Riding a motorcycle in the rain: How you can stay safe

Rainstorm on the horizon of a two-lane highway.
August 5, 2020

If there's one thing motorcyclists love, it's the call of the open road—we get that. As motorcycle enthusiasts, we seek the joys of natural-world experiences and desire more than air-conditioned car rides while enduring—at best—the scent of cardboard pine trees dangling from rearview mirrors. 

While we welcome nature's open-air sights and smells, there are some uncontrollable elements we face on the road. Rain is one of them. The undeniable scent of creeping rainfall usually reaches our nostrils just before it hits the face shield of our helmet, leaving us with a slight warning signal. 

So, what's the best way to stay safe when riding a motorcycle in the rain?

Plan ahead

The best advice for staying safe when riding a motorcycle in the rain is to avoid it, if possible. If you're at home before it rains, don't head out as it starts to pour just to run an errand or two. The saying, "Be proactive, not reactive," is a good rule to live by—especially when your safety is at risk. 

That said, if you're riding for longer trips, wet conditions can be an unavoidable factor you must face. When it comes, you need to be as prepared as possible—and driving with confidence is also imperative. 

Check the forecast

Before you head out, check the weather. With access to technology and on-demand weather forecasting apps, there is no reason to hit the road without being informed. 

Sure, weather predictions aren't always accurate. However, they can at least increase your chances of optimal preparation. 

Choose the right gear

One of the first things you'll want to invest in as a motorcyclist, especially if you plan on taking longer road trips, is excellent rain gear—boots, pants, gloves, and a jacket. Some riders also have helmets with anti-fog systems. 

Today, there are plenty of options when selecting excellent gear. Some factors to consider include wind, riding speed, flexibility for riding positions, and heat resistance. What you choose will depend on your personal preferences and your local weather conditions. 

When shopping for rain gear, there are three core configurations: 

  • A one-piece: This option is the smallest, lightest, and, typically, the most budget-friendly. The major perk of one-pieces is that there are few openings to let water in. The downside is that they can be tough to get in and out of—especially when worn over protective riding equipment.

  • A two-piece: This option includes a jacket and pants, which are relatively easy to put on and take off. Also, the jacket can be used when not on your motorcycle. The negative to this choice is that it can be bulkier to pack and increases the chance of getting wet—the area where your jacket meets your pants can give water a chance to soak your clothes. 

  • Two-piece with bib pants: A two-piece outfit with bib pants resembles overalls. This design helps eliminate that water entry spot (where the jacket meets your pants) and only slightly increases the packing size. 

The best option for you will depend on how often you ride in the rain, your budget, and your style.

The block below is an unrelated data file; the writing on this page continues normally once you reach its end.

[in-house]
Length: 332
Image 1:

Outfit your motorcycle

It isn't just yourself you must prepare for rainy days—you also need to consider your bike. 

If you live in an area with a rainy season, it's recommended that you complete a thorough check-up of your motorcycle:

  • How are your brake pads?

  • Do you need some higher-traction tires?

  • Have you recently checked your headlights?

Rain will reduce visibility, so ensure all lights work as expected—including your indicators and brake lights.

To protect the longevity of your motorcycle, you'll also want to keep the chain well-lubricated. Lube your motorcycle chain anywhere between 300 to 600 miles—unless your motorcycle is exposed to moderate-heavy rain. In this case, you should lube your chain after any water exposure. 

The same rules apply if your motorcycle was left in a parking lot uncovered during a rainfall—or if you're visiting a coastal area that exposes your bike to salty air. If you plan to park your bike outside, pack a waterproof cover. This small investment will help reduce rusting, increasing the longevity of your bike and the safety of your next ride. 

Consider the terrain

The terrain you're on will determine how you ride—especially during rain. 

If you're riding a motorcycle in the rain across wide-open flatlands, you may be able to spot a storm in the distance, providing you with an opportunity to find a rest stop. However, that's not always possible. 

When riding in the mountains, rain and microclimates can surface with little to no warning. In these cases, don't panic. Ride safely until you find an appropriate spot to stop and put on rain gear or wait out the storm. 

Stay calm

Continuously seek safe driving knowledge so that you're prepared when riding a motorcycle in the rain. The more experienced and mentally prepared you are, the calmer and safer you'll remain. For example, tires on wet pavement have much less traction, so keep an increased braking distance at all times.

As the rain falls, gently reduce your speed and remain smooth at the controls. 

To keep peace of mind every time you're out riding, invest in good tires and regular tire maintenance. 

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The general information in this blog is for informational or entertainment purposes only. View our blog disclaimer.

*Data accuracy is subject to this article's publication date.

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